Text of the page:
Scepticism, apprehension and mistrust – the legacy of a year that saw increased ad blocking and yet more concerns about data privacy. So, as brands tentatively dip a toe into 2017 it’s time to shake off the shackles of uncertainty and build consumer confidence through intelligent, courageous and most importantly authentic marketing campaigns.
Now is the time to go back to basics, canvas opinion and rebuild credibility from the complaints department up. They say ‘honesty is the best policy’ and brands that openly admit their mistakes (‘flawsome’ as the trend has been named), will cultivate stronger consumer relationships, especially if they also prioritise social responsibility.
Consumers are seeking to reconnect with straight talking, shopper-centric brands that carve responsive solutions from real consumer insight. After all, successful marketing is more often than not a result of more meaningful brand/consumer connections.Without doubt, one sure fire way to do this is by being authentic and telling the truth. Expose vulnerability and openly admit that it is the consumer who makes a brand a success not the strapline. Smartphone savvy Millennials are a shrewd breed of bloggers and brand ambassadors who undeniably make or break brand campaigns on a daily basis. Their word of mouth, online reviews and loyalty is now more important than ever. Social media has shifted the balance of power from marketing campaigns that once controlled brand perception to consumers willing to share personal information but with the expectation that their enhanced brand experience will be rewardingly relevant and unique to them.
However, social media, far from being a brand’s worst enemy is also its biggest asset. Yes, there may be nowhere for brands to hide, but social media also offers direct access to unlimited and uncensored consumer opinion – a rich insight vein that is always on tap. Especially for brands prepared to make the effort to communicate in an honest and transparent way.
Being authentic may not feel like a brand new approach to marketing but for many years advertising campaigns have been purposefully ‘creative’ with the truth. Aspiration won with realism a poor second place. It’s the old magic trick. We focus on the hand that creates the illusion and we don’t see the other hand switch the cards.
For brands to succeed in today’s unconvinced climate, it’s time for them to show both hands, the good and the not so great.
EDF set out to tell the truth in earnest. A recent price promise campaign alerted customers on occasions when choosing a competitor supplier would save them money. This honest approach engaged with consumers on a remarkably sincere level offering EDF the highest retention rates on its products and even prompting a respectable percentage of customers to remain with the ‘trustworthy’ brand despite paying more for their energy.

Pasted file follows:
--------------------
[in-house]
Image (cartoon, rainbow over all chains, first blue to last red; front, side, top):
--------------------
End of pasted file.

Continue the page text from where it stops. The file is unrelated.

TSB also took brand transparency to the next level. CMO, Nigel Gilbert describes how “We created a website called ‘Truth and Banking’ where we described exactly how we make money. This was both unusual and truthful,” and he claims as a result the brand ’s reputation rose considerably.
However, a word of warning, brand orthodoxy isn’t about being righteous or saintly. It’s about single-mindedly defining what your brand truths are and delivering them through credible and respectful executions. Buying a brand is an act of trust made by an empowered consumer. You may not be cheapest, biggest, fastest, or even the most ethical brand on the planet, but if you start with what you really are, acknowledge any weaknesses and bravely listen to genuine opinion ‘warts and all’, then you have a set of incredibly valuable foundations on which to build an authentic and engagingly trustworthy brand.
If you’d like to read more about successful marketing campaigns built on key brand truths this blog summarises five outstanding examples:
Baileys wanted a simple commercial strategy that challenged drinks convention. They also wanted a permanent Commercial Director, but they knew both would take time, expertise and experience. With a strong track record for work in the drinks sector, Baileys turned to Flintlock for interim consultancy help.
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